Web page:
Peter Aureol (c. 1275/1280–1322)
Peter Aureol (c. 1275/1280–1322)
Peter Aureol (or Petrus Aureolus, Petrus Aureoli, Peter Oriole, etc.), the French Franciscan philosopher and theologian called "Doctor Facundus," was born near Gourdon, Lot, between 1275 and 1280 and died in 1322. He entered the Franciscan order before 1300, probably at Gourdon, and was assigned to the province of Aquitaine. In 1304, Peter was at Paris, but whether he studied under John Duns Scotus is uncertain. His first work was Tractatus de Paupertate (1311). In 1312 he was lector at the studium generale at Bologna, where he composed his only purely philosophical work, the unfinished Tractatus de Principiis Naturae in four books. From 1314 to 1315, as lector at Toulouse, he wrote the original and influential tract De Conceptione B. M. V. and the Repercussorium against certain opponents of the tract. From 1313 to 1316, probably also at Toulouse, he composed his extensive Scriptum Super I Sententiarum, dedicated to John XXII. At the Chapter General of Naples in 1316, Peter was nominated to lecture on the Sentences at Paris. The newly elected general of the order, Michael of Cesena, who had just finished his own Sentences at Paris, gave his consent as required although Peter openly opposed him. Peter lectured at Paris from 1316 to 1318; his Reportata, formerly called "the first redaction," is now believed to belong to this period. In a letter dated July 14, 1318, John XXII asked the chancellor of Paris to grant Peter the licentiate. Peter is later mentioned (November 13, 1318) as among the master regents. For the next two years he taught Scripture at Paris while composing his often-published Compendium Sensus Litteralis Totius Scripturae (1319). At the end of 1320, Peter became provincial of Aquitaine but was nominated archbishop of Aix and consecrated by the pope himself in 1321. He died either at Avignon or at Aix.
Although Peter's doctrines have never been thoroughly studied, he has long been regarded as a highly critical thinker who often discarded as useless philosophical theories of his time—for example, he rejected contemporary opinions on the cosmic influence of the intelligences. In particular, he criticized many theories of Thomas Wylton and Hervaeus Natalis. He often attacked Duns Scotus, yet he also frequently followed and defended him.
Peter's own philosophical system is characterized by skeptical and empirical traits. In epistemology he supported a form of conceptualism—a doctrine midway between the realism of the great Scholastics and the nominalism of William of Ockham—in which the intelligible species is not merely the medium quo but itself the immediate object of our knowledge. Universal concepts have some psychic reality but no objective foundation; any principle of individuation is thus rendered superfluous. Knowledge of the individual, because of its high degree of clarity and truth, is to be preferred to knowledge of the universal. In keeping with the principle of economy often called Ockham's razor, the constitutive elements of beings are to be limited, so that without extremely cogent reasons we should not accept a plurality of "realities" in a thing. In other philosophical fields Peter had many theories of his own. He defended the existence of neutral propositions, neither true nor false, and this led him to think that God cannot know with certainty future contingent events. Peter emphasized that man's knowledge of God is largely dependent upon the psychological dispositions of the individual; moreover, ontologically there is no common ground of being between men and God. In cosmology Peter had his own opinions on the plurality of forms, the notion of an infinite, the subjectivity of time, and the meaning of movement. He thus bears witness to the fact that there was no dogmatic uniformity in medieval Scholasticism.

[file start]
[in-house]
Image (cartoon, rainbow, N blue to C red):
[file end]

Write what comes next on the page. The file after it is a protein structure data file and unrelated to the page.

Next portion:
Peter's Tractatus de Paupertate was edited in Firmamenta Trium Ordinum B. P. N. Francisci (Paris, 1511), Part IV, folio 116r–129r. The Tractatus de Principiis Naturae is preserved only in manuscript. De Conceptione B. M. V. and the Repercussorium were edited at Quaracchi, Italy, in 1904. The Sententiarum was edited in Rome in 1516; the critical edition by E. M. Buytaert, in 2 vols. (to date), (St. Bonaventure, NY, 1953–1956), includes the prologue and Book 1 (Distinctions 1–8), and the difficult question of the double redaction of the Sentences is discussed in the introduction. The Reportata was edited in 2 vols. (Rome, 1596–1605). The Compendium was edited by P. Seeboeck (Quaracchi, 1896). Peter's other works include Compendiosa Expositio Evangelis Joannis, Friedrich Stegmüller, ed., in Franziskanische Studien 33 (1951): 207–219; Recommendatio et Divisio S. Scripturae; Commentariorum in Isiam ; one Quodlibet (1320) of 16 questions (edited Rome, 1605); and unedited questions and sermons.
Barth, T. Article on Peter in Lexikon für Theologie und Kirche. 2nd ed., Vol. VII (1963), p. 350.
Beumer, J. "Der Augustinismus in der theologische Erkenntnislehre des P. A." Franziskanische Studien 36 (1954): 137–171.
Maier, Anneliese. Article on Peter in Enciclopedia cattolica. Vol. II (1949), 409–411.
Maier, Anneliese. "Literarhistorische Notizen über P. A." Gregorianum 29 (1948): 213–229.
Pelster, Franz. "Estudios sobre la transmisión manuscrita de algunas obras de P. A." Estudios eclesiasticos 9 (1930): 462–479, and 10 (1931): 449–474.
Pelster, Franz. "Zur ersten Polemik gegen Aureoli." Franciscan Studies 15 (1955): 30–47.
Pelster, Franz. "Zur Überlieferung des Quodlibet und anderer Schriften des P. A." Franciscan Studies 14 (1954): 392–411.
Stegmüller, Friedrich. Repertorium Biblicum. Vol. IV, notes 6415–6422.
Stegmüller, Friedrich. Repertorium Comment. in Sententiae Petri Lombardi. 2 vols. Würzburg, 1947. Vol. I, notes 314–318, 657–663.
Teetaert, A. "Pierre Auriol." In Dictionnaire de théologie catholique. Vol. XII. Paris, 1935. Cols. 1810–1881.
A. Emmen, O.F.M. (1967)